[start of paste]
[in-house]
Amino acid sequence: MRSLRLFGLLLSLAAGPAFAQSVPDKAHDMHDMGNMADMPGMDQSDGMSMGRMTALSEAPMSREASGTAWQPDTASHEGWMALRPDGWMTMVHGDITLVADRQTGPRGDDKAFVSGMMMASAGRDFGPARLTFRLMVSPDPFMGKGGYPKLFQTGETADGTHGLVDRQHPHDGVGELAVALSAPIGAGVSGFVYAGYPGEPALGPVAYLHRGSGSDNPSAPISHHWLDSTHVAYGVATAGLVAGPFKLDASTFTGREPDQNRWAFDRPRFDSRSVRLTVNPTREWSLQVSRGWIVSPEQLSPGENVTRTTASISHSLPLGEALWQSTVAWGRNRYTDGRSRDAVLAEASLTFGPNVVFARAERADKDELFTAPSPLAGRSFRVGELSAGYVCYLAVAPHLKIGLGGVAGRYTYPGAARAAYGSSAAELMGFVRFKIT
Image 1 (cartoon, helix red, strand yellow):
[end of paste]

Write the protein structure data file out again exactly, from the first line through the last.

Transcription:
[in-house]
Amino acid sequence: MRSLRLFGLLLSLAAGPAFAQSVPDKAHDMHDMGNMADMPGMDQSDGMSMGRMTALSEAPMSREASGTAWQPDTASHEGWMALRPDGWMTMVHGDITLVADRQTGPRGDDKAFVSGMMMASAGRDFGPARLTFRLMVSPDPFMGKGGYPKLFQTGETADGTHGLVDRQHPHDGVGELAVALSAPIGAGVSGFVYAGYPGEPALGPVAYLHRGSGSDNPSAPISHHWLDSTHVAYGVATAGLVAGPFKLDASTFTGREPDQNRWAFDRPRFDSRSVRLTVNPTREWSLQVSRGWIVSPEQLSPGENVTRTTASISHSLPLGEALWQSTVAWGRNRYTDGRSRDAVLAEASLTFGPNVVFARAERADKDELFTAPSPLAGRSFRVGELSAGYVCYLAVAPHLKIGLGGVAGRYTYPGAARAAYGSSAAELMGFVRFKIT
Image 1 (cartoon, helix red, strand yellow):